Churchill responds in a way that is not entirely crazy.
Bad puns do not justify violence, people. Remember that.
UPDATE: Tim Burke has a nice bit on Churchill as a mediocre scholar.
1. I'm going to drag my ass to a movie tonight, so if you have a strong opinion about whether it should be Million Dollar Baby or Sideways, I'd appreciate it (those are the only two options).
3. Who knew they were making Basic Instinct 2: Risk Addiction? And that Bill Murray is in it?
UPDATE: Sideways was sold out, so I saw Million Dollar Baby. Most of it, anyway. I left before it ended. It was fine--not great, not terrible, but too depressing. If you're considering seeing it: it's really fucking depressing.
Read the whole thing, as they say. It's about Reynolds and Churchill and all that, and it's superb.
Well, waddya know, Unfogged gets a link in the Wall Street Journal today (subscription only, naturally). The best of it is, it's a link to a one-year-old post by Bob about what else is on TV during the Superbowl, but the Journal doesn't seem to have noticed the date. Love it.
UPDATE: I emailed them, and they removed the link. Without writing me back or acknowledging the change. Classy.
Sometimes I think baa might be right, and that things aren't as bad as they seem in America. But, more often, I side with the Bitch, and the worst of it is, like she says, that I feel totally helpless. That election really broke me, and I'm not even close to regaining a capacity for hope.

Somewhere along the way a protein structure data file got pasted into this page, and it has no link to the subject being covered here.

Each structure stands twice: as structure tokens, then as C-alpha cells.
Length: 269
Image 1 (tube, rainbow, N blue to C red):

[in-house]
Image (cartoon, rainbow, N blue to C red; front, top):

I don't know if y'all ever care about these public service posts, but here's another: after I got my wisdom teeth pulled, I was on antibiotics for a while, and they completely screwed up my stomach: burning feeling, nasty taste in my mouth, etc. It didn't get better even after I stopped taking them, so I've been a grumpy little blogger for the past few weeks. I mentioned this to the ex, who said, "Yogurt." Apparently, the live cultures in yogurt help restore the stomach's proper pH. (For the lactose intolerant, soy yogurt is fine, as long as it has active cultures--specifically, acidophilus, which you can also get as a pill). After a couple of yogurt eating days, I'm not quite cured, but feeling much better. She says a week ought to do it.
Forgive me, dear readers. I'm running a fever and I've been under a lot of stress, so perhaps I've taken leave of my senses. But this Glenn Reynolds post has left me dazed and confused. It's about our favorite bad-hair dept. chair, Ward Churchill, and the question of whether Churchill's views are in some way representative of the academy, the left, the leftist academy, Dream Academy, whatever.
First, a note on something funny: Ward Churchill might not be Indian. See here:
Ward Churchill has been masquerading as an Indian for years behind his dark glasses and beaded headband. He waves around an honorary membership card that at one time was issued to anyone by the Keetoowah Tribe of Oklahoma. Former President Bill Clinton and many others received these cards, but these cards do not qualify the holder a member of any tribe. He has deceitfully and treacherously fooled innocent and naïve Indian community members in Denver, Colorado, as well as many other people worldwide. Churchill does not represent, nor does he speak on behalf of the American Indian Movement.
And more, from Indian Country:
According to Jodi Rave, a well-known Native journalist and member of the Mandan-Hidatsa-Arikara Three Affiliated Tribes, Churchill was enrolled as an ''associate member'' of the Keetoowah by a former chairman who was later impeached. The one other known member of the same program, since discontinued, was President Bill Clinton. Rave said that she made this discovery as a student in a journalism class at the University of Colorado. She was also in a class taught by Churchill. When her article came out, she said, he dropped her grade from an A to a C minus.